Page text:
After 'What Matters? A reflection on the value of arts and culture and four 'lies' of data

Julian Meyrick, Tully Barnett

Research output: Contribution to journalArticlepeer-review


In this article, we consider some of the issues arising from the recent publication of our book 'What Matters? Talking Value in Australian Culture', co-authored with Robert Phiddian. We briefly describe the book's main arguments, especially the critical stance taken towards the use of metrics and numerical proxies in the evaluation of arts and culture. We reflect on its media reception, and its attempted intervening in an on-going debate about the role and meaning of cultural activities in Australian life today. We then identify four 'lies' of data - four disingenuous applications of quantitative method that substitute for the search for a more effective understanding of the problem of value as it appears in the cultural domain and related fields. The article concludes with consideration of an alternative approach to the evaluation of arts and culture that resuscitates the notion of their 'public good', following political historian Tony Judt's call for "a language of ends not means".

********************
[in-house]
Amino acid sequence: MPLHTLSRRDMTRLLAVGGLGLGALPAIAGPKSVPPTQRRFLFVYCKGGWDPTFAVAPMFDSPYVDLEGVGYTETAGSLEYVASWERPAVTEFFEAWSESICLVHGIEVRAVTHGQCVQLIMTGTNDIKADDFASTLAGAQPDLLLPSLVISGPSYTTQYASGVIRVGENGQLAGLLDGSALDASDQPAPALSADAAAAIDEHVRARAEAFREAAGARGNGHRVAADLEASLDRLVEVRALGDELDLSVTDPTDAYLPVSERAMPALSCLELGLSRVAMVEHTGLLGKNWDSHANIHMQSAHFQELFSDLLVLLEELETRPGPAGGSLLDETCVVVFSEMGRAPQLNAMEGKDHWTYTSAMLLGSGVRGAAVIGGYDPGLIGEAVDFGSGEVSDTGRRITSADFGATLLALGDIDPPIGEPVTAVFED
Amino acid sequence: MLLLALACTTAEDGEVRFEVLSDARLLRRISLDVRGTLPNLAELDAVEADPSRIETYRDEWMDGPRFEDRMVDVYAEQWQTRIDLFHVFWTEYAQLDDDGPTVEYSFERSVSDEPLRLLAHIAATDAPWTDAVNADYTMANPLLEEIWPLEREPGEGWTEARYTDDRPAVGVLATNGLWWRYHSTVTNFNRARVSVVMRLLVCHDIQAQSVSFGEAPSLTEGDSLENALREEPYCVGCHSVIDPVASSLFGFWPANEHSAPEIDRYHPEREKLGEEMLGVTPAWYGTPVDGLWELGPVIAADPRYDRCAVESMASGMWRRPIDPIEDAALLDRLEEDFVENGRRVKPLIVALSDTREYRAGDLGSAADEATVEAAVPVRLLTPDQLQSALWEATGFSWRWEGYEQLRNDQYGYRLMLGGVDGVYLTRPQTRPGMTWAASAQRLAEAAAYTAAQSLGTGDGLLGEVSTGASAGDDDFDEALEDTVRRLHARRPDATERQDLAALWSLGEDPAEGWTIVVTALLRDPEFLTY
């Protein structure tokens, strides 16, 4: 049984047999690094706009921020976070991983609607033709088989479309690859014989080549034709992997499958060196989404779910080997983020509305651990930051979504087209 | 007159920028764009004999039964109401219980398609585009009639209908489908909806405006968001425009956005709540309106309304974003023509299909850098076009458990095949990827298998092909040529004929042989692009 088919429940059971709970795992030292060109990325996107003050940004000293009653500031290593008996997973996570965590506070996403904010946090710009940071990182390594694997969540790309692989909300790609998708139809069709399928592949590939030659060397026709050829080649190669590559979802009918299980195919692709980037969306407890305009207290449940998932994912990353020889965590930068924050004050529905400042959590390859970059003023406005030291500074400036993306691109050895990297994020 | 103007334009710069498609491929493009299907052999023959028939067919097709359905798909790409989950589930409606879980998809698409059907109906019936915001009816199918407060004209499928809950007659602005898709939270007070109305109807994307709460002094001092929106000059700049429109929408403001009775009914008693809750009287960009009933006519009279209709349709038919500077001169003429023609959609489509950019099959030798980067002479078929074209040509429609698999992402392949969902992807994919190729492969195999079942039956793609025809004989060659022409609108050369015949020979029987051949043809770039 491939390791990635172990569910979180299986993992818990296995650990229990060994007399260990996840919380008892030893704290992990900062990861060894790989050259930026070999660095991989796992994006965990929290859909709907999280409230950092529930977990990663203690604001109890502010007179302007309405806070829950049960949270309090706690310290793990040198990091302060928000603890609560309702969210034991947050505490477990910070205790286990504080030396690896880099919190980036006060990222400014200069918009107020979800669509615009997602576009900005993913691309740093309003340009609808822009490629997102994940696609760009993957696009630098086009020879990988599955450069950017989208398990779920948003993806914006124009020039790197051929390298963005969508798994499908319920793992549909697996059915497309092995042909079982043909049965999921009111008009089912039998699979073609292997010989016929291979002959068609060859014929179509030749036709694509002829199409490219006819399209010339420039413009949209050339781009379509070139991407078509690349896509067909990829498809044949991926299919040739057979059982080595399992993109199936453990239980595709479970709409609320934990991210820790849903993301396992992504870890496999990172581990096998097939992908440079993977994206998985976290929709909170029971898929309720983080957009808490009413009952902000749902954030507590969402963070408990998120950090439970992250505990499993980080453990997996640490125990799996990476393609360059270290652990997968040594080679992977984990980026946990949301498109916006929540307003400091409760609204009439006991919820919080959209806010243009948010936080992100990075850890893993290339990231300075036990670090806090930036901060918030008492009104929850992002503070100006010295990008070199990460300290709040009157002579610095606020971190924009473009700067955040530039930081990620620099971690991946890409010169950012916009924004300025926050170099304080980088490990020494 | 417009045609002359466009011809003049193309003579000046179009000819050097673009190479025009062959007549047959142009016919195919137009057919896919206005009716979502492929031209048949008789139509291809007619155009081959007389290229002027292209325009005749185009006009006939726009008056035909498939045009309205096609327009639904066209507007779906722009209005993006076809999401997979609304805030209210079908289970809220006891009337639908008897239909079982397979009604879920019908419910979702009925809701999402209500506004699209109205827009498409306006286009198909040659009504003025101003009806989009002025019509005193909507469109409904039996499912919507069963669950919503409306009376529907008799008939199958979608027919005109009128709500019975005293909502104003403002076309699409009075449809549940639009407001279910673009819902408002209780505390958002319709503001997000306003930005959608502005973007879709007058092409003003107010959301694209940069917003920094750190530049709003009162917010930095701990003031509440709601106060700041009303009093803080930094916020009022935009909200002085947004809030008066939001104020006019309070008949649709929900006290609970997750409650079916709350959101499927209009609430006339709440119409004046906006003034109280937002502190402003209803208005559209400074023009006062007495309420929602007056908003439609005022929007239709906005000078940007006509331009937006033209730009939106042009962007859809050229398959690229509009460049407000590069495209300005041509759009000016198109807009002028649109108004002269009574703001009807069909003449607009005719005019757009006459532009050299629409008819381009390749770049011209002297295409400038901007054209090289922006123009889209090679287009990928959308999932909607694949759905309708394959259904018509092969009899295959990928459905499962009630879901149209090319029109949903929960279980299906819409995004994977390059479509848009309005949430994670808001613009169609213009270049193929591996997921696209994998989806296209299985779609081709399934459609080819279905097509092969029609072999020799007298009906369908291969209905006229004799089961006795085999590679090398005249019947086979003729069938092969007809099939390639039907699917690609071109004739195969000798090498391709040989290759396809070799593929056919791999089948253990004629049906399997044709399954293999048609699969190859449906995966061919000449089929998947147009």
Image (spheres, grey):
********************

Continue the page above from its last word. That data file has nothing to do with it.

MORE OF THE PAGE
Original languageEnglish
Pages (from-to)413-426
Number of pages14
JournalAustralian Art Education
Issue number3
Publication statusPublished - Jan 2018


  • Arts
  • Australian culture
  • culture
  • data
  • Laboratory Adelaide
  • measurement
  • metrics
  • reporting
  • value


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